Russia adds Bulgarian investigative journalist on its ‘wanted’ list
A Bulgarian investigative journalist Christo Grozev has been put on Russia’s ‘wanted’ list for unspecified reasons.
According to information issued by the Russian Interior Ministry, Grozev, who is part of a Netherland-based journalism group called Bellingcat, is “wanted under an article of the Criminal Code.” However, the ministry hasn’t specified the article.
Independent human rights monitor named OVD-Info claims that Grozev has been charged with disseminating “fake news” about the Russian army.
Furthermore, on its website, the Interior Minister has only mentioned Grozev’s birthplace, date of birth and nationality.
Shortly after the ministry made the announcement, Grozev took to Twitter to comment on the development. He said, “I have no idea on what grounds the Kremlin has put me on its “wanted list”, thus I cannot provide any comments at this time. In a way it doesn’t matter — for years they’ve made it clear they are scared of our work and would stop at nothing to make it go away.”
A general comment: I have no idea on what grounds the Kremlin has put me on its “wanted list”, thus I cannot provide any comments at this time. In a way it doesn’t matter – for years they’ve made it clear they are scared of our work and would stop at nothing to make it go away. https://t.co/fd4Evbd7gJ
— Christo Grozev (@christogrozev) December 26, 2022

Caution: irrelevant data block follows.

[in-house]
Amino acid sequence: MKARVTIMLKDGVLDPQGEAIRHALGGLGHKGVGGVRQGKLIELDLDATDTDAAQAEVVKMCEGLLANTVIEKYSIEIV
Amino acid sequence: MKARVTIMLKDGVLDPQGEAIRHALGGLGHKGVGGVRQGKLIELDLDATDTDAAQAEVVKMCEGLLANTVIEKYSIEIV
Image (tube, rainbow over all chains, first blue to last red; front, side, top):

According to media reports, soon after Russia invaded Ukraine its government promulgated a law that criminalised the dissemination of what it defines as “deliberately false information” about the Russian armed forces. The maximum penalty under the law is 15 years in jail.
What has Christo Grozev worked on?
The Bulgarian journalist has been covering Russia’s involvement in high-profile international crimes.
Some such cases include the downing of Malaysia Airlines Flight 17 in Eastern Ukraine in 2014, the poisoning of Russian military intelligence officer Sergei Skripal in UK as well as the poisoning of opposition leader Alexey Navalny in 2020.
According to Bellingcat’s official website, Grozev specialises in “security threats, extra-terrestrial clandestine operations and the weaponization of information.”
More recently, Russia’s Federal Security Service claimed that Grozev was involved in a plot to hijack Russian fighter jets. However, the journalist in July denied such claims and accused Russia’s domestic intelligence of fabricating evidence to support its claims.
With inputs from agencies